So many of us are experiencing a bit of a time windfall right now. Some of us aren’t working as much, some of us even who are still working at our normal jobs don’t have the normal commute time that we spend. We can use that time windfall to help—whether that’s calling and advocating for people in need or doing chores and stuff for people in need, whether that’s going on social media and writing gratitude letters for the healthcare workers—we can use that time in specific ways to help others. Some of us are even experiencing what we don’t expect, but which is a financial windfall, and I’ve seen this in myself. It’s small and so we might not notice it, but those cups of coffee that I’m not buying at my coffee shop every morning.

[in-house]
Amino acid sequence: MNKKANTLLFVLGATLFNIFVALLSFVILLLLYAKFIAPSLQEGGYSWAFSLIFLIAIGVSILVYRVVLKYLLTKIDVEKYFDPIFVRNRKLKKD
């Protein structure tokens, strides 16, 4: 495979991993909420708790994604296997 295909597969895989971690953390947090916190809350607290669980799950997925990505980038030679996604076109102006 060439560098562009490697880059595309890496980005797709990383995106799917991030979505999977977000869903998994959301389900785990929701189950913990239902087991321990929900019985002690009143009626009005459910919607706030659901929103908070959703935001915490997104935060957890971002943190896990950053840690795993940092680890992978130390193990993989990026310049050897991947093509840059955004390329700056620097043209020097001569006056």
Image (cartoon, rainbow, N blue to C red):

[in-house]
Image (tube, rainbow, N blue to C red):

That’s three bucks a day that I’m saving that I could be using to do something nice for other people. Whether that’s, again, buying groceries for someone in need or buying a gift card to a local restaurant that needs the support right now. We can be using those little mini-financial windfalls too to be helping other people during this time. And it helps the folks that are really in need, but it also helps us. It’s like this kind of wonderful win-win situation that doing nice stuff for others right now is going to boost our well-being in a time when we really, really need it.
Katy Milkman: Right. And I think that’s one of the most fascinating findings from research on happiness of late is how we get this virtuous cycle where giving helps the giver and the recipient. And it feels really important right now. I’ve also been thinking about how we find meaning in these moments, and I think looking for ways that we can be purposely helpful is probably going to help us all find meaning in this madness.